As President of Pratt & Whitney, Louis Chenevert did not have much further to climb when he was named CEO of UTC in 2006. That was when Mr. Chenevert applied his vision of how a conglomerate like UTC should be structured. He had an idea which looked well beyond what he was given to build on. His view was to build a conglomerate that fit together seamlessly.
Thus as CEO Louis Chenevert acquired the Goodrich Corporation for $16.4 billion, and made similar smaller deals as a matter of forging synergies within the fabric of UTC. The purpose was to create a one-stop shop that could accommodate several of their customer’s needs in aviation and construction. The two primary revenue streams for the company.
Besides synergizing UTC, Mr. Chenevert also desired to centralize the company. By UTC bringing most of its skilled employees to work in Connecticut, the workforce would yield more significant technological innovation and make UTC more competitive. The development of the geared turbofan jet engine is a product of this process. These fuel-efficient quieter engines alone have virtually guaranteed UTC’s immediate future. No one can say what the talented engineers and technologist at UTC will come up with next.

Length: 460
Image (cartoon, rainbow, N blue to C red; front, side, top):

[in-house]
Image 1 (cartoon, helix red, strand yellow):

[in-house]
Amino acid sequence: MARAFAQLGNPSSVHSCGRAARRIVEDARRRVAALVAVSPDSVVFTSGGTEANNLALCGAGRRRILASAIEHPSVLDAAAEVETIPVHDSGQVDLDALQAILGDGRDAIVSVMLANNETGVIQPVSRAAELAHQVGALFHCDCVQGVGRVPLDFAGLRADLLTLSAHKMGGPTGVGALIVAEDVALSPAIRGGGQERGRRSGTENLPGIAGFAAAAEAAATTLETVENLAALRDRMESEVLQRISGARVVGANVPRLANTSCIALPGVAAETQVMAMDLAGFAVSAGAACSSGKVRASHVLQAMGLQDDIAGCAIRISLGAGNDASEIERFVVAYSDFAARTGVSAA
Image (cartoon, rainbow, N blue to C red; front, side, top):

Louis Chenevert provided an example of how a modern-day CEO must approach his or her business. The name of the game is to create an efficient structure and to depend on the talents of your human capital. It is not only visionary–it is logical to do so.